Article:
Tier 1: The covered entity was unaware of the violation, meaning it was realistically unavoidable and the entity took a reasonable amount of care to abide by HIPAA regulations—minimum fine of $100 per violation, though they can reach $50,000
Tier 2: The covered entity should have been aware of the violation, but it couldn’t have been avoided with a reasonable amount of care—fines range from $1,000 to $50,000 per violation
Tier 3: The covered entity willfully neglected HIPAA rules, but attempted to correct the violation—$10,000 minimum with up to a $50,000 fine per violation
Tier 4: The covered entity willfully violated HIPAA rules and made no attempt to correct the violation—$50,000 minimum fine per violation
Maintaining HIPAA compliance is critical and can be broken down into several different ways. The Security Rule outlines three different types of standards that all organizations must follow to remain compliant—administrative safeguards, physical safeguards, and technical safeguards.
Often considered the most challenging of all safeguards, technical safeguards include technology put in place to protect ePHI.
Often considered the most challenging of all safeguards, technical safeguards include technology put in place to protect ePHI. As telehealth rises in popularity and more patients choose to send their personal data online, technical safeguards—such as role-based access controls, transmissions security, and encryption—are often the first (and most important) line of defense. With the help of the Unqork platform, you can build a secure and scalable enterprise-grade healthcare application that’s up to the task of protecting confidential health information.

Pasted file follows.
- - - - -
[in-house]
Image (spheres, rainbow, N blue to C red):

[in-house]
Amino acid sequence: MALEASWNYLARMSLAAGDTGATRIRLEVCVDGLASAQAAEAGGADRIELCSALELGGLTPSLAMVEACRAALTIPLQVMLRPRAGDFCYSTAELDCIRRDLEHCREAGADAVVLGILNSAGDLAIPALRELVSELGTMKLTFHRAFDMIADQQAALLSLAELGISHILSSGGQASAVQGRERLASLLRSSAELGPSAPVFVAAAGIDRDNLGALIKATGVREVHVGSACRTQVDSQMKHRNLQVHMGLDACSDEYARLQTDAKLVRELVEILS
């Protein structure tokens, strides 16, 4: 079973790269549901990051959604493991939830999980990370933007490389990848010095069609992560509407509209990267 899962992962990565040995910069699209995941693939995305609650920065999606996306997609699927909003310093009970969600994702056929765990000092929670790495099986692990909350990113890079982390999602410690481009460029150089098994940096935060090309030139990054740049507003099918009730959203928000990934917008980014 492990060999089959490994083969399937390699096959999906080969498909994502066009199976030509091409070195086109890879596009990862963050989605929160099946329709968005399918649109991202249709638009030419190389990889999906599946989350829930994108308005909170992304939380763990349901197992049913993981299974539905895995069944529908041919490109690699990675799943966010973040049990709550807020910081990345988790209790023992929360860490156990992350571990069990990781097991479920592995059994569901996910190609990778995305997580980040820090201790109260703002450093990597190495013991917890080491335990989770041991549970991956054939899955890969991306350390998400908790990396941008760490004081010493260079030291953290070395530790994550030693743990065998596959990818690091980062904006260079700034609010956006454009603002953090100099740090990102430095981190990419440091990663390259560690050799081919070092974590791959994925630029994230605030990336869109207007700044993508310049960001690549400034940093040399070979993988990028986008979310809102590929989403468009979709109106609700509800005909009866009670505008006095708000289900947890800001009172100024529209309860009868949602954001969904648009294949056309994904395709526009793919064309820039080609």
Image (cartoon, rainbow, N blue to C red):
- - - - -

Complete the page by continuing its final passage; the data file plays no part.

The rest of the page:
Helping healthcare providers stay HIPAA compliant
Hear the story of how Unqork helped Maimonides Medical Center build an effective digital front door for their patients.
Equipped with powerful security capabilities right out of the box, our no-code enterprise application platform is designed to help you process, transmit, and store ePHI in strict compliance with HIPAA regulations. Unqork’s enterprise-grade encryption helps prevent unauthorized individuals and hackers from accessing data, thereby maintaining confidentiality and helping your organization avoid HIPAA violations. Also, the Unqork team performs regular penetration testing on your application to locate and address any potential vulnerabilities before hackers can exploit them.
However, hackers aren’t the only threats to your organization’s cybersecurity and HIPAA compliance. Carefully monitoring and quickly identifying insider threats is an essential part of any organization’s security, and Unqork’s role-based access control (RBAC) enables you to restrict access to sensitive information. By only providing specific individuals within your organization access to protected health information data, RBAC can help improve your organization’s HIPAA compliance and operational efficiency.
Simple to use yet powerful enough to create high-quality applications, Unqork’s microservices also make compliance easier. On top of increasing the flexibility, scalability, resilience, and performance of your application, microservices are highly reusable. Once you have established a compliant workflow, you can stay compliant by simply reusing the same component over and over again. You’ll create high-quality applications three times faster, and you can rest assured that you’re doing everything you can to protect your patients.
To learn more about Unqork and how it can help you stay compliant with HIPAA regulations, schedule a personalized demonstration today. For up-to-date information about no-code, subscribe to the Unqork newsletter.